In 2013, the three researchers were jointly pursuing an industry-funded collaborative project on the effect of plant-derived neuroprotective compounds on neurons. Since mitochondria are crucial for the survival and function of neurons, mitochondrial levels were a good indicator of the level of neuroprotection rendered by candidate compounds. 

When they felt the need for a comparative in this study, Vaidya’s lab favourite serotonin was a logical choice as this versatile ancient compound has a significant role in brain homeostasis. Surprisingly, the researchers found that serotonin significantly enhanced the level of ATP – the energy currency of the cell – generated primarily in mitochondria. 

Upon testing other neurotransmitters like dopamine or norepinephrine or neuronal stimulants like potassium chloride, the researchers found that this observation was specific to serotonin. Cells treated with serotonin also showed an increase in the levels of markers like mitochondrial DNA and mitochondrial proteins, all of which pointed towards an increase in mitochondria.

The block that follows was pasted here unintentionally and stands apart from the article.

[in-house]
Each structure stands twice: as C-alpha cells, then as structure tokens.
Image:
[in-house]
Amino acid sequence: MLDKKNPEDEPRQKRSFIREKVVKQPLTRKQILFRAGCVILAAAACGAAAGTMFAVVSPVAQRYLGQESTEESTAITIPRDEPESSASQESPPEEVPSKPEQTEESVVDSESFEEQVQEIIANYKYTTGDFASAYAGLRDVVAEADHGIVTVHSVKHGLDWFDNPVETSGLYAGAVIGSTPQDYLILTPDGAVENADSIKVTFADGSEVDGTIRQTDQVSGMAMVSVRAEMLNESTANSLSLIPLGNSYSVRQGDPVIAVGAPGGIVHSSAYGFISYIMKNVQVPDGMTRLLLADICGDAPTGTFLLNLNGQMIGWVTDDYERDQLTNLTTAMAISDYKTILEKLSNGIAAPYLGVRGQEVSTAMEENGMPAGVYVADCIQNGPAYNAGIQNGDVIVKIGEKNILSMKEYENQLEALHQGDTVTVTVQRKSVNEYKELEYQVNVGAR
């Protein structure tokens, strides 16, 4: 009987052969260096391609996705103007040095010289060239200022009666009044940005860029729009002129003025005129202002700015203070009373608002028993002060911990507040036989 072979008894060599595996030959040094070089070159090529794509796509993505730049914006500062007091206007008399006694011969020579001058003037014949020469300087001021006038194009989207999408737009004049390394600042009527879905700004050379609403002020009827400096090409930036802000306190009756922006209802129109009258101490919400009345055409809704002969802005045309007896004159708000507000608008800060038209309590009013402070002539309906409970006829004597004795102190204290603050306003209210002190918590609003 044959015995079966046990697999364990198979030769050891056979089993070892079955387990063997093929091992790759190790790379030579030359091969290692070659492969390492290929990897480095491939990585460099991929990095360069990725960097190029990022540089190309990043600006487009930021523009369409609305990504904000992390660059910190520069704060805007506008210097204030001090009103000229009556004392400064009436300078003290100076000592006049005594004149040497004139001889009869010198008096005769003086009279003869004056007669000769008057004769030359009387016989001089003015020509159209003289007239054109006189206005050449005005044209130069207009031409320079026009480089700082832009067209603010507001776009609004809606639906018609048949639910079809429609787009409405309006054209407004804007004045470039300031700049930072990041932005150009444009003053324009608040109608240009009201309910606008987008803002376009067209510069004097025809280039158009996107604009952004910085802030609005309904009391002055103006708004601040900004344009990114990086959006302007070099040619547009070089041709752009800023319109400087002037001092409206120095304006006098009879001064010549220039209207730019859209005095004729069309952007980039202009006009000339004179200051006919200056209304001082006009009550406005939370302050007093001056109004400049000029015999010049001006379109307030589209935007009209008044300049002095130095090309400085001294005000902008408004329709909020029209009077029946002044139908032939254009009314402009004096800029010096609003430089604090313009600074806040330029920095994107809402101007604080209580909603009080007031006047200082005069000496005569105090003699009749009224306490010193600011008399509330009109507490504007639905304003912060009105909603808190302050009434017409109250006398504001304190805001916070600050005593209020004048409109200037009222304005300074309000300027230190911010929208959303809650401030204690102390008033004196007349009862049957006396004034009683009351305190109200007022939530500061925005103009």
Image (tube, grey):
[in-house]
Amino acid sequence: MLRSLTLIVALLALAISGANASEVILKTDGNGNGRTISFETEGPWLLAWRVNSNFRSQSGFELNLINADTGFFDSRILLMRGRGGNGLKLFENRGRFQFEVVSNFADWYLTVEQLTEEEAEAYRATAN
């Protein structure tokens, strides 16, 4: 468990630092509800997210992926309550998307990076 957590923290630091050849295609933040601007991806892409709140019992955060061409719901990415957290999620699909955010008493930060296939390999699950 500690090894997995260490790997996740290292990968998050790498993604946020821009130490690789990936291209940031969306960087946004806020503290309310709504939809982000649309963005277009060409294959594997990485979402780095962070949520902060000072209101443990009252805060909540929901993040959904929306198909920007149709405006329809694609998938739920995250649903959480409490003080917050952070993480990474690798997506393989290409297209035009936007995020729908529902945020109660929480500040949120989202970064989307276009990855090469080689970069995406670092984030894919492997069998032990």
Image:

So at this point, we realised that we have stumbled on something,” says Vidita. The team went on to study this process systematically using multiple approaches and controls. The studies began in vitro (in cultured cells), but several of the observations were also confirmed in vivo (in mice).

Previous studies from Kolthur-Seetharam’s group and others in the field have noted that Sirt1, a nuclear protein of the Sirtuin family, is crucial for mitochondrial function. The researchers found that when serotonin binds one of its receptors (5‑HT2A) on the neurons, it leads to a signalling cascade which recruits Sirt1. Sirt1, in turn, induces the synthesis of more mitochondria and increases cellular energy levels. At the same time, levels of antioxidant enzymes in the neurons rise, potentially providing protection against cellular stress.